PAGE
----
Whether that commitment will make the next five years any more successful than the past 10 is the big question.
"I want to win a championship and I want to do it here," Beal said Friday in a news conference to discuss his max-value contract. "I believe that we can win in D.C."
There hasn't been much evidence that the Wizards can back up that belief. Since drafting Beal in 2012 to play alongside point guard John Wall, the Wizards have made five playoff appearances, never advancing beyond the second round -- and the last time they got even that far was five years ago, the last full season Wall played in Washington.
Since then, the Wizards have had a revolving door at point guard alongside Beal, who averaged over 30 points in 2019-20 and 2020-21, and haven't persuaded a big-name free agent to join him in a star-driven league.
"We have the opportunity to show the NBA what happens, the commitment that we'll make to our players, to their career," general manager Tommy Sheppard said. "You're talking about one of the most coveted free agents on the market re-signing with the Washington Wizards, committing to what he believes, that we can win here."
This season, the Wizards will surround Beal with big man Kristaps Porzingis, acquired in a midseason trade with Dallas; Kyle Kuzma, who became the team's primary scorer with Beal sidelined by injury in the second half of last season; a new point guard in Monte Morris, acquired in a trade with Denver; and a collection of young role players including Rui Hachimura, Deni Avdija, Corey Kispert and Daniel Gafford.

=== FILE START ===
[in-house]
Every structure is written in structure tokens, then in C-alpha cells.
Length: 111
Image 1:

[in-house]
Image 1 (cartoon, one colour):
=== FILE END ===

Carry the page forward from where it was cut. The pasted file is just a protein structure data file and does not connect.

"We're doing everything we can to make that mix right. We're a free agent away," owner Ted Leonsis said. "We're always looking at how we can improve, and Tommy has been given the green light and I've said no to nothing. I want to win."
Beal has become rooted in the Washington area through philanthropic efforts and has shown a growing awareness of social issues. He began his news conference by lamenting the imprisonment of WNBA star Brittney Griner in Russia; the mass shooting at a July 4 parade in Highland Park, Illinois; and a spate of gun violence in his hometown of St. Louis.
His two young sons attended the news conference and Beal noted that because of his financial security "they think they won't have to work for anything. I have to try to find that balance and figure it out. You don't see that all the time, especially in the Black community."
Beal said he's comfortable with his decision and that winning a championship in Washington would be more satisfying than chasing a title with a "super team."
"You proved all the doubters wrong. You did everything you possibly could to make it work and you did it. That would mean everything to me," Beal said. "That would mean more than leaving and playing with four All-Stars. And, having conversations with guys who have done that, it's not always great. It's not always fun. It's not always what you think it is."